The Alaska National Interest Land Conservation Act established Alaska Peninsula National Wildlife Refuge on December 2, 1980. Sandwiched between Becharof National Wildlife Refuge to the north and Izembek National Wildlife Refuge to the south, this refuge encompasses towering mountains, active volcanoes, broad valleys, fjords, tundra and glacially formed lakes. Pacific salmon, brown bears, the Alaska Peninsula caribou herd, moose, sea otters, migratory birds, raptors and many other species of fish and wildlife inhabit and migrate through this refuge. This refuge supports roughly 40% of the Bristol Bay sockeye salmon run, the largest sustainable sockeye salmon fishery in the world.
Mount Veniaminof, a unique and active volcano, is located in the Refuge's Chignik Unit. It was designated a Natural Landmark by the Secretary of the Interior in August 1970. Its peak rises about 50 miles east-northeast of Port Moller on Bristol Bay and 40 miles west-southwest of Chignik Bay on the Pacific. It's approximately 450 miles southwest of Anchorage. Although the National Natural Landmarks Program is administered by the National Park Service, the Mount Veniaminofis administered by the U.S. Fish and Wildlife Service.
The primary purposes of the Alaska Peninsula National Wildlife Refuge is to to conserve fish and wildlife populations and habitats in their natural diversity including brown bears, the Alaska Peninsula caribou herd, moose, sea otters, and other marine mammals, shorebirds and other migratory birds, raptors including bald eagles and peregrine falcons, and salmonids and other fish.
Each unit of the National Wildlife Refuge System is established to serve a statutory purpose that targets the conservation of native species dependent on its lands and waters. All activities on those acres are reviewed for compatibility with this statutory purpose. Alaska's Refuges 16 Refuges conserve fish and wildlife populations and habitats in their natural diversity; fulfill international treaty obligations of the United States with respect to fish and wildlife and their habitats; provide opportunities for continued subsistence uses by local residents; support scientific research; and protect water quality and quantity.
Alaska Peninsula National Wildlife Refuge was established when congress passed the Alaska National Interest Lands Conservation Act (ANILCA) in 1980. Prior to ANILCA, the area was part of the federal public domain. The refuge is managed as a "complex" that includes the Ugashik and Chignik units of the Alaska Peninsula National Wildlife Refuge, the Becharof National Wildlife Refuge, and the Seal Cape area of the Alaska Maritime National Wildlife Refuge.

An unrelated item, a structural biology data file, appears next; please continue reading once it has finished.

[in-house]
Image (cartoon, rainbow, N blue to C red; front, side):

Indigenous has its origins along the Pacific Coast of the Alaska Peninsula and in the eastern Aleutians and Kodiak. The earliest human occupation known on the Peninsula dates to 10,500 years ago. Though the earliest known people were mobile caribou hunters at Ugashik Narrows, early inhabitants soon moved toward the coasts and began hunting marine mammals. By eight thousand years ago early humans in Alaska were living in Kodiak and on islands in the eastern Aleutians.
By 6,000 years ago, Ocean Bay and early Aleutian traditions came into existence. Ocean Bay people developed many of the tools associated with Alaska Native culture including stone lamps for burning sea mammal oil, polished slate tools, incredible artwork, and elaborate bone tool technology. The economy was based on the subsistence use of sea mammals, birds, and marine fish resources.
Although the coast of the Bering and Chukchi seas were occupied as early as the Alaska Peninsula, these areas did not exhibit a maritime adaptation until much later. The earliest maritime adaptation on the Chukchi and Bering Sea coast is Old Whaling (1400 BCE). Old Whaling shows technological similarities to the Eastern Aleutians, Alaska Peninsula, and Kodiak cultures and may represent an expansion of these people to new regions.
The Refuge preserves a rich historical legacy. Fossils from the Refuge date from the Late Cretaceous period, the noted time when dinosaurs became extinct. Much more recently, the lands that now comprise the refuge served as a crossroads where prehistoric cultures from the Aleutian Islands, Kodiak, western Alaska coast and interior Alaska met and merged, creating unique local cultures. There are currently five Native villages within the refuge's boundaries, and numerous other known historical sites on the Refuge. The area was important in the early history of Alaska with Russian explorers and trappers active in the region. Later, the area played an important role in the early development of Alaska's commercial fishing industry and was the scene of some of the earliest scientific oil exploration efforts in the world.
Other Facilities in this Complex
Since 1983, we've managed the Ugashik and Chignik units of the Alaska Peninsula National Wildlife Refuge, The Becharof Refuge, and the Seal Cape area of the Alaska Maritime National Wildlife Refuge as a complex because they share resources and common issues. The administrative headquarters is located in King Salmon. The King Salmon Visitor Center provides information and educational services highlighting the natural and cultural resources and recreation opportunities on the Alaska Peninsula. This visitor center is operated by the US Fish and Wildlife Service in conjunction with the National Park Service, Bristol Bay Borough, and Lake and Peninsula Borough. Alaska Geographic supplies the bookstore, which raises funds for outreach and education.